versión On-line ISSN 2078-5135
versión impresa ISSN 0256-9574
SAMJ, S. Afr. med. j. vol.102 no.7 Cape Town jul. 2012
Horses for courses
(Doc) Caldwell is a physician living in the mist-belt of the KwaZulu-Natal Midlands. He writes erratically to his Aunt Ethel
Dear Aunt Ethel,
I saw the film War Horse the other day. A review in the media includes: 'a story about lost innocence and the atrocities of war ... perhaps the most moving, beautiful and inspirational movie of the year ... In the midst of cruelty, we see demonstrated humanity.'
The ceasefire in no-man's-land between the trenches was a riveting scene. Bitter enemies united as human beings for a brief period in order to free a frenzied animal from an entanglement of barbed wire.
Decisions seemed simple in my end-of-World-War-II upbringing. My father drove only British or American motor-cars - even though the Yanks chewed gum. Germans, Italians and Japanese were the enemy. France had surrendered and Sweden had remained neutral. As for the Russians ...
Somehow music remained exempt from this discrimination. Beethoven and Verdi crackled off the 12-inch 78 rpm records in the big black box that my dad inherited from his late wartime friend, Bobby Croudace of Maritzburg. He also occasionally played Rachmaninov and Chopin fluently on the piano, between party pieces.
War movies reinforced this villain-of-the-piece mentality, although Rommel, the Desert Fox, managed to escape such harsh judgement. I was still sceptical as a recently qualified doctor, when a girlfriend told me that her ex-prisoner-of-war father felt that the Germans were not bad guys at all. Mind you, her Teutonic flatmate and her friends seemed most charming and attractive.
However, meeting German medical colleagues at Charles Johnson Memorial Hospital in Nqutu, Zululand, when I worked there for six months in 1972, finally convinced me. A young medical student, who subsequently became a paediatrician, was particularly gentle, considerate and compassionate, despite our cruel imitation of her halting English at the breakfast table: 'Bitte the butter to pass, Fraulein Rotraut'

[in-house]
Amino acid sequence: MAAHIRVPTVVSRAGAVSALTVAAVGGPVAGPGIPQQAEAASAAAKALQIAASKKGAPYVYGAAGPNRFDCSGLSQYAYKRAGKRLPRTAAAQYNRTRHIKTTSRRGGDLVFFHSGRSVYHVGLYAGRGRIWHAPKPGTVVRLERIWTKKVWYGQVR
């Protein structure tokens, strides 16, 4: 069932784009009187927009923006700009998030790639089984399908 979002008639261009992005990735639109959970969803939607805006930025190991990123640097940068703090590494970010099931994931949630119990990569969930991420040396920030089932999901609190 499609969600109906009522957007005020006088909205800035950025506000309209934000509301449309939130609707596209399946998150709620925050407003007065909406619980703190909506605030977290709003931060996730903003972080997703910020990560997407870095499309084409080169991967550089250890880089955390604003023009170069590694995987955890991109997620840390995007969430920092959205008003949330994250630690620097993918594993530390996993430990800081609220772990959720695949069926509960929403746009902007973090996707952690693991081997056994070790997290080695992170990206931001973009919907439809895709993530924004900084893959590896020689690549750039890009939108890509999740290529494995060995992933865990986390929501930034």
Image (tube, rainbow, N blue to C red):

Miss Hunteler took it all in her stride and steadily showed that her generation was wearing the conscience of a previous one on their shoulders. I visited her in Cologne, where she was studying medicine, a couple of years later. She showed me the famous cathedral, restored after near-destruction by Allied bombing. She then took me to a small chapel, built specifically as a symbol of peace and reconciliation, in honour of all the fallen in World War II, irrespective of persuasion. The humility on the part of a vanquished nation was moving indeed.
That evening we went to her parents' home in a small village nearby. Her father was a soon-to-retire country vet. His English was minimal, and my German non-existent, but with Rotraut's interpretation we managed some conversation. We suddenly came to realise that in late 1942, during the second battle of El Alamein, veterinary surgeon Hunteler was looking after the horses of Rommel's army on one hillside, while medical officer Caldwell, my late father, was tending the wounded on the opposite hillside, occupied by the 8th Army under the command of Montgomery. The silence that followed had nothing to do with language difficulties.
Years later, two German elective medical students whom I had befriended during a locum in the UK asked me why the English of their parents' generation always talked about 'ze war' at the earliest opportunity. I told them this story; and that episode in War Horse has reminded me of it again.
Corresponding author: RI Caldwell (email@example.com)